Today we're on our way to spend a day in Boston. Since I didn't look forward to driving into or in Boston, I spoke to the folks at the hotel about getting mass transit into the city. We were told that there was a subway station about 20 minutes from here that would take us into the city in about 25 minutes. I asked about parking and was told that the station has a 2,354 space parking deck there. I should have no problem. That sounded like a plan.
We got up this morning, decided to have breakfast on the way to the station (I've heard IHOP is good) then on to Boston. We put the address for an IHOP that appeared to be on the way to the station in Google Maps and started out. The system told me last night that the trip should take 18 minutes. We drove for a while then noticed we still had 45 minutes to go to the IHOP. I looked and saw that I had left the system in "No Highways" mode. Scenic but much slower.
Since we had lost time, I suggested we get to the station and have brunch in Boston. I changed the destination, and Miss Neverlost had us on our way. In about 15 minutes we saw a backup for the parking deck. Didn't look like too big a line so, no problem...except that when we got closer we saw that apparently there were about 2,454 people that wanted the spaces in the deck. The "LOT FULL" sign was not good. We drove out of the line of cars waiting for folks to leave the deck and started off. I reprogramed for IHOP where we could discuss our next step.
We decided that since it was after 10 already we would put off Boston and see more sights locally. We decided on the Minuteman National Historical Park in Lexington and Concord. It was about 15 minutes from the IHOP. Good idea.
We drove to the South Visitor's Center to begin our day at the park. There was a parking lot and a sign that the visitor's center was down a path a quarter of a mile. These days that's a small walk to us. As we were approaching the center, we noticed people standing in front of the center with a park ranger out front with them. I knew there was an option for a trolley ride through the park (it extends about 5 miles from the south center to the north center) so that is what I thought was going on. When we went to walk around the people into the center we were stopped and told there was a fire alarm going off in the building. No one could enter. The ranger suggested we go to the north bridge visitor center and start there. She said if you turn right out of the parking lot, it's right down the road. We walked away slowly because I'm always sure the alarm will stop and the building open as soon as I walk away.
We followed her suggestion, turned right out of the parking lot and went down the street. And continued down the street until we saw the sign welcoming you to the park in the other direction. Did we miss it? We turned around and retraced our steps all the way back to the South center again. Still nothing. Cheryl looked it up in the AAA guide book and came up with an address for the north station. Off we go again.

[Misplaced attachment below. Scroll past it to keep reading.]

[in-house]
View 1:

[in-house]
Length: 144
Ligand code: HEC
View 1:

Turns out that the north visitor's station is about 4 miles beyond the edge of the park, in another section of town.
We parked again and walked to the north station. Now about 1:30 or so. A little rain was now starting to fall, not enough to damper our spirits. We entered the station (no alarm here) and read about the area, saw a video of this part of the park, and stepped outside. We bought a couple of things and wanted to put them in the car. We got part of the way to the car when the rain started to dampen our spirits. Cheryl waited under a big tree while I ran to the car to put the stuff away and get our ONE personal umbrella (we must read our friends' checklist that they gave to us more carefully). I brought our car to a space much closer (everyone else was leaving) to the center and saw that I got the better end of the deal...Cheryl was a little damp.
We waited out the rain in the car and after about 15 minutes it let up considerably. We left the car to see the area where the colonists gathered in preparation for April 19, 1775. From there they marched to a bluff overlooking the North Bridge where a small group of British soldiers were watching the bridge. The colonists marched toward the bridge, both sides holding their fire, until one shot was fired, the "shot heard round the world". That is considered the beginning to the American Revolution. It was very interesting seeing the actual spot where all this happened, how close they were to each other, and where other buildings, etc. were. Makes history come alive.
By now it was about three and starting to rain again. We decided to drive to another building to see. We chose Louisa May Alcott's Orchard House. This was the home she, her parents and three sisters lived for almost 20 years. It was here that she wrote "Little Women" and many other books. Interesting to see how she lived, the artistic side of her sisters, her father's thinking on education that was very radical for that time, and what her social life was like. Her family was very social and would often have folks over, including Henry David Thoreau, and Ralph Waldo Emerson. By now it was 4:00 PM. We decided to call it a day and head back to the hotel. She said it was a shame we didn't get to the home of Ralph Waldo Emerson. She wanted to play "Where's Waldo Emerson".
One more amusing occurrence today. We decided to go to the Cheesecake Factory for dinner. About a mile from the hotel. We got there, were seated, and a waitress came to us and said "Hello, my name is Penny and I'll be taking care of you this evening". When she left Cheryl asked me "Did I really hear what I think I heard?" She did. Poor woman must hear about it many times daily. Dinner finished, back to the hotel.
Tomorrow Newport RI.